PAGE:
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Civil Litigation – Should I Settle or Proceed to Trial?

Sep 13, 2018 | Written by: Benedict F. Valliere, Esq. |

One of the toughest decisions a client can make during the litigation process is, after receiving a settlement offer, whether to take the offer or continue to trial. 

From the lawyer’s perspective, there is a duty to present any settlement offer to the client.  The lawyer also can either recommend acceptance of the settlement or rejection.  Either way, in the end, it is the client who decides how to proceed. 

From the client’s perspective, he/she is being offered a settlement, generally an amount of money, to dismiss a claim against the other party.  The client may be concerned that the settlement is not what was expected, or he/she may be worried about the risk and cost of proceeding to trial.  Either way, it is normal, and in fact common, for clients to have a bit of anxiety when deciding whether to accept a settlement or proceed to trial.

A skilled attorney will take the time to get to know the client, determine what the client wants, and gauge the client’s risk tolerance with respect to proceeding with a lawsuit.  A skilled attorney will also know the case well enough to speak knowledgeably and honestly with the client about the strengths and weaknesses of taking the case to trial, the benefits of accepting a settlement, whether the offered settlement amount is reasonable, and the potential costs of trying the case.

The benefit to settlement is finality and control.  If the parties settle a case, the parties get to decide the amount of the settlement, method of payment, timing of payment, and related terms.  A successful settlement ends the case.  Settlement can provide a client with peace of mind and resolution – the client no longer needs to worry about a trial.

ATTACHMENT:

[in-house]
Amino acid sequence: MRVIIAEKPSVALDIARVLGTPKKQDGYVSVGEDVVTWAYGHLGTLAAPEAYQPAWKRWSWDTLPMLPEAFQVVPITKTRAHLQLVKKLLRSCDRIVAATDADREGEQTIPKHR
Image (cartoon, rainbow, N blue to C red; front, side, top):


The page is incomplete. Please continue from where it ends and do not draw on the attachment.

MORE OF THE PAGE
The benefit to a trial is dependent on several different factors, unique to each individual case.  If the settlement amount is unacceptable to a client, he/she may choose to proceed to trial, hoping a jury will award more than the settlement offered.  Sometimes the other party is unwilling or unable to offer a settlement offer, and trial is the only avenue available to seek compensation.   Of concern to attorneys and clients alike is that, although a jury could award the client more, it also could award the client less, or even nothing at all.  Unlike settlements, where the terms are negotiated and known by the parties, a trial can be completely unpredictable.  A jury can award any amount of monetary compensation, which can be equal to, more, or less than any prior settlement offer.  Clients and their attorneys don’t know what they’re getting until they receive a verdict from the jury after a trial. 

This process is generally more tolerable for clients, more effective, and more likely to result in a successful outcome when working with a skilled attorney.  The lawyers at Gebhardt & Kiefer are well versed in civil litigation and familiar with numerous areas of law, including employment issues, business/commercial disputes, and personal injury.  Please feel free to contact us for a consultation at 908-735-5161.


Benedict F. Valliere, Esq. is an associate with Gebhardt & Kiefer, PC and concentrates his practice on civil litigation, primarily personal injury, municipal law, and insurance defense.  Contact Mr. Valliere at 908-735-5161 or via email.